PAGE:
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"We [science fiction writers] always wanted to believe in "private sector" space -- hucksters make better characters than a government does."
- Larry Niven

Computer Worm (Tapeworm)  
  The first description of a set of computer codes that moves from one computer to another on a network as a coherent entity.  

I believe this is the first reference to a computer tapeworm. As far as I know, Brunner invented the idea as well as the term.

At this point in the novel, the story's protagonist Sandy has found that he no longer has power in his home following a confrontation with a character named Fluckner. Checking the net, he finds that his account with the power company has been declared overdue and his power shut off. Deducing that Fluckner has set loose a tapeworm that is traversing the net damaging his credit and his livelihood, Sandy takes action.

He sent a retaliatory worm chasing Fluckner's. That should take care of the immediate problem in three to thirty minutes, depending on whether or not he beat the inevitable Monday morning circuit overload. According to recent report, there were so many worms and counterworms loose in the data-net now, the machines had been instructed to give them low priority unless they related to a medical emergency.
From The Shockwave Rider, by John Brunner.
Published by Harper and Row in 1975
Additional resources -

Brunner makes interesting use of the concept in the novel. It appears that early tapeworms were really intended as normal residents (albeit hidden ones) of the data-net. The government used special purpose tapeworms; individuals, like the unhappy Mr. Fluckner, could also create them without a lot of special knowledge. Individuals sometimes used a stolen or borrowed ID (with a corporate imprimatur) to make the worm more effective.

A tapeworm is different from a computer virus in various ways. A computer virus enters its "host" (a computer system) and becomes part of another computer program. A computer tapeworm is an entity that does not necessarily seek to duplicate itself; it uses the special programming (and often some sort of ID or password to get special access) in its "head" to gain admittance. It then lives as a parasite within the host computer, utilizing host resources according to its programming. In Brunner's computer tapeworms, the tapeworms gained entry and then "fed" on data, adding copies of the data to it's (the tapeworm's) own length. The tapeworm would then leave that system to occupy others, moving through the data-net from host to host at will, continually adding new segments of copied data to itself, getting longer and longer.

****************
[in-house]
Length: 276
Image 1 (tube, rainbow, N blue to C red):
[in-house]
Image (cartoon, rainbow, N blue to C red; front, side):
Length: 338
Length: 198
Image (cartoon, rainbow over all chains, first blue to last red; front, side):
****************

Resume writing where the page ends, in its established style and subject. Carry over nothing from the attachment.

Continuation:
In 1979, John Shoch and Jon Hupp at the Xerox Palo Alto Research Center created a small program that searches a network for computers with idle processor time. Ironically, the first worms were intended to provide more efficient use of computers. Worms demonstrated a capacity for invading any computer on a network, creating the security threat that continues with viruses today.

The Morris Worm, written at the MIT Artificial Intelligence Laboratory, was the first worm released on the modern Internet. Starting November 2, 1988, it used bugs in Unix and infected many computers. Robert Morris was convicted, sentenced to community service and fined.

See also Computer Virus from The Scarred Man by Grgory Brnford, published in 1970.

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Additional resources:
  More Ideas and Technology from The Shockwave Rider
  More Ideas and Technology by John Brunner
  Tech news articles related to The Shockwave Rider
  Tech news articles related to works by John Brunner

Computer Worm (Tapeworm)-related news articles:
  - Mydoom Email Worm (aka Novarg Mimail)
  - Can Computer Tapeworms And Viruses Be Your Friends
  - Cyberviolence A Growing Web Trend In South Korea
  - The Flame - Malware Worthy of John Brunner

Articles related to Computer
Interpol Launches Metaverse For Law Enforcement
AVATECT Prevents Spoofing Of Avatars
I Really Want A Folding Computer
Galaxy Z Fold 3 Perfect For William Gibson's 'Control-Face'

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